Defend The Children.Org NEW

New Jersey Victims

 Mother accused of  starving adopted son 

By Kristen A. Graham and John Shiffman | Feb 9, 2006

Bruce Jackson plans to have his day in court, facing the woman who has admitted to withholding food and medical care from him and three adopted brothers.

Now 21, Jackson weighed 45 pounds in October 2003 when he was found rummaging through a garbage can near his Collingswood home. Today, he weighs at least 140.

Tomorrow afternoon, his adoptive mother, Vanessa Jackson, is expected to be sentenced to seven years in prison for starving Jackson and his three adopted brothers.

"He has some very accusatory things to say," said Michael Critchley, Bruce Jackson's high-profile North Jersey attorney.

The statement is just over one page long - "something shorter than the Gettysburg Address," Critchley said.

Although Bruce Jackson has gained more than 100 pounds and grown more than a foot since being removed from the Jackson home, he lives under constant supervision in a state-run home and suffers lingering physical deficits and emotional trauma.

"If Bruce panics or decides he doesn't want to read his statement, we've arranged for it to be presented on videotape," Critchley said.

His attorney worries about the affect of his client's facing Vanessa Jackson, but the young man is firm - he's going.

"I tried to discourage him, because I'm not sure it's in his best interests, but he really wants to be there," Critchley said.

Bill Shralow, spokesman for Camden County Prosecutor Vincent P. Sarubbi, said that Keith, Tyrone and Michael Jackson, now 16, 12, and 11, were all expected to submit written statements to the court.

It was not clear, Shralow said, whether they would be read into the record or simply handed in.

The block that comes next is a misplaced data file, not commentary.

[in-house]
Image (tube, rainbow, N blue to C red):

Two of the three younger Jackson brothers have been adopted, and the adoption of the third is pending.

The brothers' case became emblematic of New Jersey's broken child-welfare system.

In the fall, a judge approved a $12.5 million settlement for the four Jackson brothers, the largest award in the history of the Division of Youth and Family Services. New Jersey will pay Bruce Jackson $5 million, and each of the other brothers will get about $1.8 million.

That payout settled a lawsuit that blamed state social workers who visited the Jacksons' home on numerous occasions for overlooking their conditions.

Authorities have said that the brothers subsisted largely on pancake batter and oatmeal and at times gnawed on wallboard. The Jacksons' refrigerator was locked.

Despite the fact that free medical care was available to them, the boys were not taken to a doctor for years.

Vanessa Jackson pleaded guilty to one count of child endangerment. She previously maintained she was innocent, but the plea agreement spared her a trial and a potentially longer prison term.

The Jackson family's biological children and their adopted and foster daughters were well-fed, authorities said. The family frequently attended a church where apparently no one raised questions about the four brothers' conditions.

Supporters of the family have said Vanessa and Raymond Jackson, who died in 2004 after a stroke, were a loving couple who took in children no one else would care for. They say the four brothers all had preexisting conditions.

William Tambussi, a court-appointed guardian overseeing Bruce Jackson's money, said the conclusion of the Jackson case was welcome for many reasons.

"Bruce is very anxious to close this chapter of his life," Tambussi said.

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